YUI Theater — Stephen Woods: “Creating Responsive HTML5 Touch Interfaces” (24 min.)

By Ryan GroveFebruary 23rd, 2012

At the February 6, 2012 BayJax event at Yahoo!, Flickr Frontend Engineer Stephen Woods (@ysaw) shared his hard-won advice for building responsive touch-based interfaces using HTML5, CSS, and JavaScript. He also revealed how Star Trek: The Next Generation predicted the need for instant user feedback in a touch-based UI and how Tivo’s slow UI was made bearable by a simple “bloop” sound.

Links

10 Comments

  1. Just a few days after the web dev world erupted about the dangers of mono-culture, YUI puts up a video praising it.

    Sort of ruins everything else…

  2. Awesome talk thanks so much.

  3. As Lars said, saying we don’t have to worry about other browsers on mobile is not only contradictory to independent statistics (see PPK or StatCounter), it also goes against everything open standards advocates are pushing for.

    Just because you see e.g. Android or iDevice users in the room, doesn’t mean you’re looking at WebKit users.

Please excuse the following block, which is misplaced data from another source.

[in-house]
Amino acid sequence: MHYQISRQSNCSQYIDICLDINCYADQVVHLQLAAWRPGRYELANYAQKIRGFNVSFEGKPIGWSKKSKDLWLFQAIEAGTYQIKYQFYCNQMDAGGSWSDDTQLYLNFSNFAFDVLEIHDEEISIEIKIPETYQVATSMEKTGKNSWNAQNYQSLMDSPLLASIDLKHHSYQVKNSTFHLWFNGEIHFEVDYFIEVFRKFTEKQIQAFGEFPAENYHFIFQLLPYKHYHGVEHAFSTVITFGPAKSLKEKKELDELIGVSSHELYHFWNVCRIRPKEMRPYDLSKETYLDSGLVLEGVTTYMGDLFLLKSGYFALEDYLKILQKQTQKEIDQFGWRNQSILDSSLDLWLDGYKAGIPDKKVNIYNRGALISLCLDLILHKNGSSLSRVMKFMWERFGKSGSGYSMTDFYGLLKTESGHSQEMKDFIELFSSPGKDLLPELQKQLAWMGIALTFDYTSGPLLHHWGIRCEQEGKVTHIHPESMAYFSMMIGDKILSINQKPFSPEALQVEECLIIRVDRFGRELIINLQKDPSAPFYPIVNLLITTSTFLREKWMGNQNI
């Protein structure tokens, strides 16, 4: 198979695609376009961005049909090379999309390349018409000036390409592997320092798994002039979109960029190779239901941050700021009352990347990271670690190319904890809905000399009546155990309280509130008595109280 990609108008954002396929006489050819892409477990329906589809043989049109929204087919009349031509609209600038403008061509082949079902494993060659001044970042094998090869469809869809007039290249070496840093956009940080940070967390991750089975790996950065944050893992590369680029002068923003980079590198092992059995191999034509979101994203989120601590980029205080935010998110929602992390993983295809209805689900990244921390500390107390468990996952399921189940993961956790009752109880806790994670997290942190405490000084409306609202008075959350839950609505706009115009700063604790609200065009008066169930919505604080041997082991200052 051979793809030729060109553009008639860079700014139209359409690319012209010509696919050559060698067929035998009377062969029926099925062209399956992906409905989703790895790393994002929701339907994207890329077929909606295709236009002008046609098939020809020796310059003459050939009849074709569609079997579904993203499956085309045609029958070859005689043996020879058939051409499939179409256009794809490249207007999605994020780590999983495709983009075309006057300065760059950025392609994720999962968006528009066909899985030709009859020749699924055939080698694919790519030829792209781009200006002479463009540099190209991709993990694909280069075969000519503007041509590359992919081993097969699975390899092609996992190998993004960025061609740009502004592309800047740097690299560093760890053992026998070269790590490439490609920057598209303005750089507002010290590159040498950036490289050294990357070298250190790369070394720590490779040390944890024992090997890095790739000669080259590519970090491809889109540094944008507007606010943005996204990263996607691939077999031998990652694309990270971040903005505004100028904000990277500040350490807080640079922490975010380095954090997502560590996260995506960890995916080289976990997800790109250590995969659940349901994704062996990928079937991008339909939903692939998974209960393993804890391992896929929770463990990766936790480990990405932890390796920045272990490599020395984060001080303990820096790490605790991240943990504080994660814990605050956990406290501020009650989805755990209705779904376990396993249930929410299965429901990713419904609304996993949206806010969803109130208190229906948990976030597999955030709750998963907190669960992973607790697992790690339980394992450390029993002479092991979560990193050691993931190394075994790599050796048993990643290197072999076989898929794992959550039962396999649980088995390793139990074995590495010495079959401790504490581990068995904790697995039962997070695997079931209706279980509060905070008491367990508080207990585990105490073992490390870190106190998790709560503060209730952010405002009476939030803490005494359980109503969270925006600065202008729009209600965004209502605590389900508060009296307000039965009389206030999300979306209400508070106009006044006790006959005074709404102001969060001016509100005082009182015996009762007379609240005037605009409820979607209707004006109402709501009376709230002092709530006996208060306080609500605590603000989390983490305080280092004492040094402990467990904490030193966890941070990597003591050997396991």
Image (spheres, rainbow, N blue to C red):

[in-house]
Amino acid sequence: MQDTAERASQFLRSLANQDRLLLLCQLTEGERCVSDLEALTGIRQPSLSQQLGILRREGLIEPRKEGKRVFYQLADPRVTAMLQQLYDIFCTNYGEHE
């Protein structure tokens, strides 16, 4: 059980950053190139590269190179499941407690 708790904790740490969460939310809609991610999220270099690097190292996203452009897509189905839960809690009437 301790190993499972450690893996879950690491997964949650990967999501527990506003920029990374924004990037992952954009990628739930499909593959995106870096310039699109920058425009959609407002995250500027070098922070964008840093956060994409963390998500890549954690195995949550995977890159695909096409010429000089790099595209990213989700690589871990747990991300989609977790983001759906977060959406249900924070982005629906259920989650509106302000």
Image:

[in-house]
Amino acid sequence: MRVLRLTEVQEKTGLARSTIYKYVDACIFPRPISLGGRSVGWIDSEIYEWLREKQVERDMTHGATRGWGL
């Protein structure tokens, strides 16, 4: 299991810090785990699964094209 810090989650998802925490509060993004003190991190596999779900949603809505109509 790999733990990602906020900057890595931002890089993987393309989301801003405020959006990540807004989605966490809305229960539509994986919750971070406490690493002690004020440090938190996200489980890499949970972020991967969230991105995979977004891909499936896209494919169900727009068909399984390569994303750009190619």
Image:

4. I don’t recall praising monoculture. The fact is the vast majority of mobile user agents ARE webkit.

    My talk was supposed to be practical, not idealistic. And I am talking about touch events:

    http://www.quirksmode.org/mobile/tableTouch.html

  5. Hi Stephen,

    I like the concept of immediate continuos feedback and how to use it as an improvement for user experience :)

    Nice talk, good work.

  6. The tables you linked to are out of date (2010). Opera Mobile and Fennec both have support for touch events.

  7. Didn’t mean to be over-critical, by the way. The information on transforms and matrices was very useful, as well as the “always give your users feedback” rule.

  8. @Stephen you mention “cleaning off” CSS transforms, didn’t you find this caused flickering? I’ve done similar things to the carousel you show and always ended up keeping my transforms on for this reason. Curious if you found a solution.

  9. This is a great video – great content as well. Can you share a little on how you captured and edited this? I love the speaker on the right and the “3d” presentation on the left.

  10. Thanks so much for your talk! Loved it… I’m currently working through a bunch of new problems that I haven’t encountered before and this really helped me.